NIST publishes methods to manage risk in the federal ICT supply chain

Nov 28, 2012

The National Institute of Standards and Technology (NIST) has published the final version of Notional Supply Chain Risk Management Practices for Federal Information Systems. This guide offers an array of supply chain assurance methods to help federal agencies manage the risks associated with purchasing and implementing information and communications technologies (ICT) products and services.

Security risks introduced via the supply chain—both intentional and unintentional—are substantial and on the rise. The global ICT supply chain's growing sophistication and increasing speed and scale leave vulnerable to be exploited through a variety of means, including counterfeit materials, or untrustworthy products.

The guide describes ICT supply chain risk management as a multidisciplinary practice with a number of interconnected enterprise processes that, when performed correctly, will help departments and agencies manage the risk of using ICT products and services. The publication calls for procurement organizations to establish a coordinated to assess the ICT supply chain risk and to manage this risk by using technical and programmatic mitigation techniques.

The new guide is based on information technology security practices and procedures published by NIST, the National Defense University, the National Defense Industrial Association and others. These practices were expanded to include supply chain implications. This version of Notional Supply Chain Risk Management Practices for Federal Information Systems has been through two public review periods, allowing for input from a broad array of stakeholders. The final publication differs from previous drafts in that it provides a more specific definition of the supply chain threat and further details on the roles of integrator and supplier and how they apply to the federal government's acquisition of commercial off-the-shelf products.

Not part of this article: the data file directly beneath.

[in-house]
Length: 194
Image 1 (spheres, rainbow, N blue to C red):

NIST is developing a draft Special Publication based on the proceedings of the Oct. 15-16, 2012, Supply Chain Risk Management Workshop and ongoing discussions with industry, academic and government stakeholders. PowerPoint presentations from that workshop are available at www.nist.gov/itl/csd/scrm_2012workshop.cfm . NIST will continue to engage public- and private-sector stakeholders throughout the publication development process.

Notional Risk Management Practices for (NIST IR 7622) is available at http://nvlpubs.nist.gov/nistpubs/ir/2012/NIST.IR.7622.pdf .

Explore further: Using video games to model real life outbreaks

Related Stories

NIST Issues Guidelines for Ensuring RFID Security

Apr 27, 2007

Retailers, manufacturers, hospitals, federal agencies and other organizations planning to use radio frequency identification (RFID) technology to improve their operations should also systematically evaluate the possible security ...

NIST issues draft IPv6 technical profile

Feb 01, 2007

The National Institute of Standards and Technology (NIST) yesterday issued a draft profile that will assist federal agencies in developing plans to acquire and deploy products that implement Internet Protocol version 6 (IPv6). ...

Recommended for you

Using video games to model real life outbreaks

Jun 30, 2015

Those of you who know me know that I'm a video game nerd. And comic book nerd. And just nerdy nerd in general. So when I read an article that used World of Warcraft to model disease outbreaks, I jumped on ...

Railroad official asks digital map makers to mark crossings

Jun 29, 2015

The federal agency that oversees railroads has asked digital mapping companies to alert drivers as they approach track crossings in the hope that visual and audio cues will lead to greater awareness of potential dangers.

Learning early about late flights

Jun 25, 2015

A new study published in the Articles in Advance section of Transportation Science, a journal of the Institute for Operations Research and the Management Sciences (INFORMS), improves how air traffic managers cope with unexpe ...

User comments : 0

Please sign in to add a comment. Registration is free, and takes less than a minute. Read more

Click here to reset your password.
Sign in to get notified via email when new comments are made.